A disadvantage with all registries is that there is some level of uncertainty. Before applying, there is no way of knowing whether your birth parents already have. After applying, a match may not be immediate, and it could take years for your birth parents to follow suit and register. Finally, if a match is made, your birth parents may not choose to go through with the process of releasing contact information.
Original Birth Certificate
Having access to a copy of your original birth certificate can help you reunite with your birth parents. Although the process of accessing these records is typically quite easy for most people, these records are sealed in cases of closed adoption to protect the birth parents’ identities. If you are interested in this option, then visiting your county clerk is often a good place to start.
However, in cases of closed adoption, this process can be challenging. There are steps to take that can help you access these records, although the process can be time-consuming and restrictive depending on your location.
Ancestry has been a popular online genealogy resource for years. The website can help families expand their family tree and discover new documentation detailing their family history. But the website can be used for more than fun. In fact, the site has a page dedicated to resources on adoption reunions. Using Ancestry’s huge database of records, it is possible to locate adoption records, birth certificates and other useful documentation. At the very least, the family tree feature from when you were a child can be used as a starting point to organize and consolidate your personal research.
Recently, Ancestry began offering a DNA test. Taking the test requires you to mail in a saliva sample and wait for results. The results can not only detail your ethnic background but can also connect you with distant relatives who are also part of the company’s DNA database. Although you may not automatically match with a birth parent, you could potentially end up in contact with a relative who has information that can help you reunite with them.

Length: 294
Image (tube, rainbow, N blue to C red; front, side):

23andMe is another service that provides similar genetic testing with a non-invasive saliva sample. In a similar fashion to registries, a match with biological relatives can only occur if said relatives have also voluntarily taken a DNA test.
However, you may experience a higher chance of success in reuniting with birth relatives given the popularity of DNA tests. Many people take the test for fun or genealogy purposes, rather than the smaller pool of people who are eligible for adoption registries.
Although the testing may provide the results you want, it is important to understand how difficult and deeply personal the choice is to reunite with a birth child. Simply because you have discovered a family tree of which you are a part of, does not mean individual family members will feel ready to reunite with you. Potentially, using DNA testing could leave to you making contact with a birth relative who does not want to be contacted.
At the end of the day, it is important to remember that being able to find your birth parents’ identities and having a healthy, happy reunion are two different things. When you believe you have found a match, consider carefully how to go about initiating contact. Finally, remember that timing can be everything. Simply because you have not found your birth parents now (or they are not ready to reunite) does not mean that it will never happen.